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There’s nothing like a camping trip or a simple walk in the woods with your kids. It is a refreshing and relaxing experience that can bring the family together. Unfortunately, all too easily something can go wrong. You wander off the trail and you’re lost, disoriented, and scared because as a parent, there is more than just your safety at risk.
However, with some basic knowledge, focus, a cool head, and common sense, survival until rescue is possible. I’m going to take you through some of the basic wilderness survival tips every parent should know. Remember knowing these things could make all the difference to your survival.
While traveling or camping with kids, make sure to be aware of your surroundings. Play eye-spy with the kids to help make mental notes of landmarks or things you could use to orientate yourself. Leave a trail. Every so often break branches, make piles of rocks or carve on trees. Anything that will be a signal for you to find your way back. If, however, the worst happens and you do become lost, remember to “STOP!”
STOP– If you think you are lost, stop! You do not want to make the situation worse.
THINK– Do not panic! Keep calm and try to think about the last place you knew where you were.
OBSERVE – Examine your surroundings, can you orientate yourself? Look at landmarks, the weather, the time of day, and if you have one, your map. What supplies do you have on hand, and how can those help you?
PLAN – Create a plan. If it’s early in the day and you think you can orientate yourself you may choose to try and get back on track. If you decide to do this leave a trail so you don’t end up going in circles. If it’s later in the day or you think moving will cause more harm than good; it’s time to start making camp.
Finding or making a shelter is the number one priority in a survival situation. Our bodies are not made to combat harsh conditions such as extreme heat or cold, whereas you can go a few days without food or water.
There are 3 basic shelters you can build quickly with limited resources:
Having sorted shelter, water is the next most important element needed for survival. In generous conditions, humans can survive for up to a week without water, but on average, it’s only 3-4 days. Therefore the need to find a source of water when you’re out in the wild is vital.
Dehydration makes life harder, especially in a survival situation, but you do not want to put yourself in any more danger by drinking contaminated water. While water testing kits and filters are ideal, you may not find yourself with one in a survival situation. Before you drink, there are a few things you can look out for:
Water can be purified by purifying tablets or straws. If you do not have access to such measures. Boiling would be your best option. Start by filtering the water through your sock to remove solid contaminants, and then boil over a fire.
Knowing how to build a fire can make a big difference in a survival situation. Even if you are not faced with cold temperatures, a fire can be used for cooking, boiling water, keeping wild animals and insects away, and signalling for help.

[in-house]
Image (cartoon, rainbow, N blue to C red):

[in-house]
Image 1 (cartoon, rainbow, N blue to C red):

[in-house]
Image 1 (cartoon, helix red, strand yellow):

In order to build a fire you need kindling (grass, dry leaves), tinder (small twigs, sticks) and fuel (branches, logs). Start by making a small pile of kindling and tinder, light the kindling using matches and then slowly add more tinder to the pile. Gradually add bigger sticks and branches as the heat builds up, once it’s hot enough, place logs in to the middle of the fire in a star pattern, pushing them further in and replacing them as they burn.
If you have no matches:
Finding food in the wilderness with limited resources is challenging. Therefore it is recommended that every parent carry an essentials bag wherever they go with their kids. It should contain at the minimum a new unused garbage bag, matches or lighter, knife, basic first aid kit, water and basic food. This will become invaluable in a survival situation. If, however, you find yourself without your bag, there are a few options:
Be careful not to eat anything if you are unsure of what it is. Remember your body can go 3 weeks without food but if you eat something poisonous you could be dead in hours.
Every parent should know basic first aid skills and these are even more vital in the wilderness. In your essentials bag you should have a first aid kit that contains at least the following: painkillers, plasters, bandages, sharply pointed tweezers, antiseptic wipes, and antiseptic cream. If you do not have anything with you and find yourself in a survival situation, here are a couple basic tips:
An extra piece of advice:
Make sure you check for and remove ticks immediately. Ticks can cause serious health issues if not handled right away. To remove: grip the tick with tweezers as close to the head as possible and pull it. Make sure you remove the whole tick, if you pull too hard it can break. Be careful not to squeeze as you may release the venom into the bloodstream.
These skills and tips should help to ensure you and your kids survive in the wilderness if the worst happens. While you may never find yourself in these circumstances, kids are unpredictable and parents all too often find themselves in situations they never thought they would face. Knowing this information will help you keep a cool head, not panic, stay focused on the tasks at hand and help keep you and your kids motivated until rescued during an emergency. Always be prepared!